Fool's Mate

  • Last updated on 8/3/15, 3:22 PM.

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Fool's mate, also known as the "two-move checkmate," is the quickest possible checkmate in the game of chess. One example consists of the moves leading to the position shown...

There are eight slight variations on the pattern — White might play f2-f4 instead of f2-f3 or move the g-pawn before the f-pawn, and Black may play e7-e6 instead of e7-e5.

The fool's mate received its name because it can only occur if White plays extraordinarily weakly, i.e. like a fool. Even among rank beginners, the mate almost never occurs in practice.

The same basic mating pattern may also occur later in the game. There is, for instance, a well-known trap in the Dutch Defence which occurred in 1896 between Frank Melville Teed and Eugene Delmar that runs 1.d4 f5 2.Bg5 h6 3.Bf4 g5 4.Bg3 f4; it seems that Black has won the bishop, but now comes 5.e3 (threatening Qh5#, the basic Fool's mate idea) 5...h5 6.Bd3?! (6.Be2 is probably better, but this move sets a trap) 6...Rh6? (defending against Bg6#, but...) 7.Qxh5+! Rxh5 8.Bg6#...

A similar mate can occur in From's gambit (Bird's opening) 1. f4 e5 2. g3 exf4 3. gxf4?? Qh4#...

More generally, the term fool's mate is applied to all similar mates early in the game; for example, 1.e4 g5 2.d4 f6 3.Qh5#

The pattern of the simplest fool's mate is maintained: a player advances his f- and g-pawns, allowing a queenmate along the unblocked diagonal. One such fool's mate is widely reported to have occurred in a possibly apocryphal 1959 game between Masefield (or Mayfield, depending on the source consulted) and Trinka (or Trinks or Trent) which lasted just three moves: 1.e4 g5 2.Nc3 f5 3.Qh5#
(variants on these moves also exist).

Even more generally, the term "Fool's mate" is used in chess variants for the shortest possible mate, especially those which bear a resemblance to the orthodox chess fool's mate. Fool's mate in progressive chess, for example, is 1.e4 f6 2. Nc3 g5 3. Qh5#


  • 9 years ago · Quote · #21


    oh my! i too wondeer if this ever happened in a tounament? if yes, white must be really inexperienced and ashamed. lol
  • 9 years ago · Quote · #22


    wow and i thought i was good its an old trick but its an effective but a real fools mate is done in 4 moves or less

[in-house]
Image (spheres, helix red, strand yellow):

• 9 years ago · Quote · #23


  • 9 years ago · Quote · #24


    it is easy for new players only and some of happiness :)


  • 9 years ago · Quote · #25


  • 9 years ago · Quote · #26


    I think the first winner of the Fool's mate is that the inventor of the Fool's mate. It was probaly that he won it to his opponent or he invented it as a chess puzzle.

  • 9 years ago · Quote · #27


    only if i knew what that was....sorry new to this..just become my freind foe me and teach me or play me please
  • 9 years ago · Quote · #28


    It´s so hard to get it
  • 9 years ago · Quote · #29


    I hate to say it, but I've fallen for that a few times (in my early days of course).  Now I'm praying that someone slips up so I can try it for a change.  Laughing
  • 9 years ago · Quote · #30


    A couple of years ago my kid went to a school district tournament (not USCF).  I was shocked to see some of the younger kids were using this--and successfully.  The good news is that at least they were using a plan, and they understood it.  The bad news is that the queen brought out too early went unpunished!

  • 9 years ago · Quote · #31


    If i recall correctly, I may have fallen for that two or three times (it took me that long to learn not to play that particular sequence. I have also fallen for the 'four move fool's mate'. I've learned since then.

  • 9 years ago · Quote · #32


    Fool's mate is always can be prevented unless you oppenant is not so good in chess.
  • 9 years ago · Quote · #33


    The better fool's mate should be...



  • 9 years ago · Quote · #34


    Does anyone Know the four move fools mate im just interested as im new to chess
  • 9 years ago · Quote · #35


    that's sweet!
  • 9 years ago · Quote · #36


    I've heard of fools mate, but I've never actually seen it happen.  It's such an unusual opening that I wonder if I ever will.  I have seen the 4 move checkmate a few times... albeit against inexperienced players. It's funny when your opponet sits down for what everyone expects to be a long game of chess, only to lose the game in less than 2 minutes.
  • 9 years ago · Quote · #37


  • 9 years ago · Quote · #38


    If an inexperienced player you are facing opens with 1. f4, proceed with 1...e5 and see if they might back their pawn up with 2. g3!
    If they do 2...exf4 3. gxf4 Qh4# mates :)
  • 9 years ago · Quote · #39


    thanks for telling me!
  • 9 years ago · Quote · #40


    no one will do this,what if they didn't move the move u want them to,u will lose a move
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